The most common form of child abuse isn’t sexual assault. It’s neglect — and it’s deadly.

In 2022, 44 children died due to neglect in Indiana. Comparatively, 17 died from abuse. The factors behind their deaths are complex, frustrating, and often multi-faceted.

Looking at 2021, the year we have the most complete data for as of this writing, there were 18,000 victims of neglect in Indiana. Some 1,700 were physically abused and 2,500 were sexually assaulted. Meaning about 75% of cases are a result of neglect. 

It’s also important to know children who are neglected are also often physically abused, and children who are physically abused are frequently sexually assaulted, too. But most states, including Indiana, only record a single, primary form of abuse. This kind of reporting is why understanding child and human trafficking is challenging: the children who are being trafficked are, often by definition, sexually assaulted and are recorded as sexual assault victims first, not child trafficking victims, even though they are both. The same occurs with many neglect cases, but they are primarily neglect.

When people think of child abuse most imagine the physical act of striking children that results in bruising or injury. In 2021:

A bar graph showing abuse types and rates in Indiana, Kentucky, Illinois, Ohio, and Michigan.

The numbers are roughly in line and show differences in how reporting and recording the statistics changes our perception of the problem. Nationally, 1,500 kids died from some form of neglect or abuse, and 76% of the 588,000 victims were neglected. 16% were abused and 10% were sexually abused. The numbers are tragic, but it is a myth that the most common form of abuse is just physical abuse. The larger, more common instance is neglect.

Important points about abuse and neglect:

  • Bruises and other manifestations of physical violence show on the body for others to see. Neglect, on the other hand, can remain invisible until it has entered a severe stage such as malnutrition, an untreated need for glasses or clean clothes, or stealing or begging for food.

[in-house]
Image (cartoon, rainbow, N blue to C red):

• Given that the total number of cases is larger than the number of victims in most states, including Indiana, many children experience multiple forms of maltreatment. 
  • We don’t know and likely never will know how many children are abused. The total number of children experiencing abuse is certainly larger as not every case gets reported or discovered.

There are 5 basic characteristics of neglect

Every case is different, but neglect usually involves one or more of these 5 basic characteristics:

  • Physical Neglect: This involves failure to provide adequate food, clothing, shelter, supervision, or appropriate medical care. For example, leaving a child without proper clothing for the weather or failing to provide sufficient food regularly.
  • Emotional Neglect: Emotional neglect occurs when a caregiver fails to provide the necessary emotional support, love, affection, and attention a child needs for healthy development. It can include ignoring the child’s needs, consistently belittling or criticizing them, or exposing them to extreme situations of emotional distress.
  • Educational Neglect: This refers to failing to enroll a child in school, allowing chronic truancy, or not providing the necessary support and resources for educational success.
  • Medical Neglect: Medical neglect involves failing to provide appropriate medical care for a child’s physical or mental health needs. This could include not seeking medical attention for serious illnesses or injuries, not adhering to prescribed treatment plans, or not providing necessary medications.
  • Abandonment: Abandonment occurs when a caregiver deserts a child, leaving them without adequate care and support, either temporarily or permanently.

Children who are neglected generally lack a loving, caring home. Neglected children are purposefully and maliciously failed, are often yelled at (which itself is a form of abuse), and suffer the harsh mental abuse that comes from being diminished, demeaned, and forgotten. 

The sting of that kind of treatment degrades a child’s physical health, emotional well-being, and stunts their development into happy, healthy adults.

The good news is recovery is possible and frequently helps kids age into adulthood. This is why CACs have partnered with medical and mental health professionals to provide low or no-cost treatment best suited for each child. Group therapy and one-on-one counseling have proven that 98% of kids never go on to hurt another child, thus reducing cyclical abuse that was a hallmark of early responses to abuse and neglect investigations a generation ago. But there is still more work to be done, because of the 44 child neglect deaths in Indiana in 2022, that is 44 children too many.

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